Home ice hasn’t been huge advantage for Predators, Jets

Getty
2 Comments

NHL teams grind through an 82-game season to make the playoffs, but also to try to gain home-ice advantage, particularly if a Game 7 is needed.

Sometimes playing in front of a roaring crowd, getting that home cooking and the final change (plus a friendly call or two, depending upon who you ask) makes a big difference. Through six games of Jets – Predators, the edge has instead seemed negligible. So far, each team is 1-2 at home during this series.

We’ll find out on Thursday if that will remain the same when the two teams battle in Game 7 in Nashville.

(Game 7 airs at 8 p.m. ET on NBCSN Thursday.)

Here are a few considerations going into that Game 7, from home-road stats to hypotheses.

[NBC’s Stanley Cup Playoff Hub]

Louder than a jet engine

Going into this series, much has been made about how loud things could get between spirited fans in Winnipeg and Nashville. Sometimes it came down to splitting hairs and counting decibels. Chris Jericho also made an offer for a friendly wager with Carrie Underwood.

High decibel levels could create some positive energy for the Predators, who’ve really benefited from scoring early goals in this series (erm, aside from that squandered 3-0 lead). Then again, such energy could also help the Jets stay aggressive, which would be to their advantage as it seems like they’ve thrived when the action is faster and more end-to-end.

But, yeah, it could be really loud. There also will probably be catfish and maybe a wild offensive lineman or two.

Good Pekka/bad Pekka

During the Predators’ run to the 2017 Stanley Cup Final, Rinne was all-world in Nashville and closer to a backup on the road:

Rinne in 11 games at home during 2017 run: 9-2 record, ridiculous .951 save percentage even without a shutout.
Rinne in 11 road games during 2017 run: 5-6 record, .905 save percentage despite two shutouts.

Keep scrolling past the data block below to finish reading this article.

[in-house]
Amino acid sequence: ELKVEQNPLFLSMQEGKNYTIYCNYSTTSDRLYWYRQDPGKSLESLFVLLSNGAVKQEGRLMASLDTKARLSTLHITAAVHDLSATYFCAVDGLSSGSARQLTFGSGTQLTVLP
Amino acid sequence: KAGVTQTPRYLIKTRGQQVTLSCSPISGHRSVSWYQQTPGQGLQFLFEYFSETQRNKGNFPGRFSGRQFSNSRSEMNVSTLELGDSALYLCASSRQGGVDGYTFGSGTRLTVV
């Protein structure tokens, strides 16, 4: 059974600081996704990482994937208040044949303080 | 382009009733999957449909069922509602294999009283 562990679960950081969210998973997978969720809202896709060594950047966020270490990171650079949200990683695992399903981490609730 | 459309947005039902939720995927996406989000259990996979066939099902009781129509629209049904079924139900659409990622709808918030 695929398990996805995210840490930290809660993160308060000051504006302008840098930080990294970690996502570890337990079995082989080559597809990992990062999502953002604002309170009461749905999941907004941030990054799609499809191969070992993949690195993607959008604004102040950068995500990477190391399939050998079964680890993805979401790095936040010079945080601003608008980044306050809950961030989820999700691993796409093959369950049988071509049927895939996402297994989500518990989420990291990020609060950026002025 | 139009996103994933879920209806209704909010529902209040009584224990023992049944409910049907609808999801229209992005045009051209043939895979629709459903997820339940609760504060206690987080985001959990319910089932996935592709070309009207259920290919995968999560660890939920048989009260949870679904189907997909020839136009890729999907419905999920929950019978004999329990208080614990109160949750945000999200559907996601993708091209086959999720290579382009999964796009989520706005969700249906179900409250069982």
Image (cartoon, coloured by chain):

(Excuse Predators fans if they’re having bad flashbacks of some of those championship round struggles in Pittsburgh.)

Anyway, that home-road disparity has strangely flipped in 2017-18. Rinne was quite good at home during the regular season (25-6-2, .919 save percentage, three shutouts), yet was astounding on the road (17-7-2, .937 save percentage, five shutouts). While it’s naturally a smaller sample size through two rounds of the postseason, that pattern’s only become more pronounced during the 2018 Stanley Cup Playoffs:

Rinne in six home games during this current run: 3-3, Scott Darling-like .881 save percentage, no shutouts.
Rinne in six road games during current run: 4-2, .933 save percentage, two shutouts.

Steady as Hellebuyck

While there’s been quite a difference between Home Rinne and Road Rinne, Connor Hellebuyck‘s been surprisingly steady. The American-born netminder’s home save percentage is .922 and his road mark is .923 so far in the postseason. There’s not much of a difference in home/road play during the larger sample size of the regular season, either.

Maybe the stakes will break Hellebuyck’s steady, sometimes creepy-looking focus, yet so far he’s been as reliable as a modern goalie can be (and he could really make himself some cash with a strong Game 7, considering his pending RFA status).

*shudder*

Human nature

In some ways, the Jets theoretically enjoyed a great officiating advantage, subjectively, in Game 6 for a simple reason: refs will sometimes feel pressured to “let them play” in a Game 7 situation. Whether mistakes were made or not, the Jets received four power-play opportunities in Game 6 while Nashville only enjoyed one. It’s difficult to imagine so many calls being made with both teams’ seasons on the line.

If you ask me, there’s nothing really nefarious about the way thousands of loud fans might affect officials, even if it’s on more of an unconscious level. That human-nature edge could very well be nullified by officials leaning toward not making calls.

But, much like how an early goal one way or another might affect the noise levels at Bridgestone Arena, early calls may signal what kind of night will be in store. If officials are being pretty objective about calling infractions when they see them, then home ice could be that little edge that moves the needle for Nashville.

***

Great players or even mere clutch performances can silence a crowd in a hurry or bring them to their feet.

Game 7 between the Predators and Jets would be fun anywhere, whether it happened at a neutral site or an outdoor frozen pond. It’s actually taking place in Nashville, which should make for a fun atmosphere and also another interesting narrative: will “Smashville” help the Predators break through to the 2018 Western Conference Final?

James O’Brien is a writer for Pro Hockey Talk on NBC Sports. Drop him a line at phtblog@nbcsports.com or follow him on Twitter @cyclelikesedins.